The line which turns the song It’s in those lines about not searching for God but putting the head down and dealing that balance starts to be restored in verse 2. There again there’s a stubbornness his mother thinks was bequeathed him. There’s even a payoff to the use of the phrased ‘tidied your things’ when he says how he “tidied my room like you so I could see things straight”.

Then this:

“I guess then you did leave me something to remind me of you,

Every time I interrupt someone the way you used do,

When I do something like you, you’ll be on my mind too,

‘Cause I forgot you left me behind to remind me of you.”


Why am I doing this? In part, I was inspired by Joe Donnelly’s excellent Tins and Tunes podcast. Music is freakin great and we should all talk about it more and enjoy it more together. I’m also still a bit annoyed that more people I knew didn’t take The Streets project to heart and give it the attention it deserved. Around the time this album was out, I remember being party to a conversation about men and women and how they differ in their partnering strategies. I was sitting at a computer and had the album in the CD drive (God be with the days). I invited the folks I was conversing with to listen to “War of the Sexes”, track 2 on Hardest Way which makes some funny observations about male mating strategies.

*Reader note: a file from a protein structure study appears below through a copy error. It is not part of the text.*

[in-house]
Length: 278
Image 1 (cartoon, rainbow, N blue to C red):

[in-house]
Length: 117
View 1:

“Nah man, leave that off, I fecking hate The Streets”.

Huh? I didn’t get it. Well I kinda did, but I didn’t get how I could spend a week getting acquainted with an album this dude hadn’t even heard yet and that he could all but say, nah, there’s nothing worth hearing outta this guy, and me, I should know better ways of spending my time and money.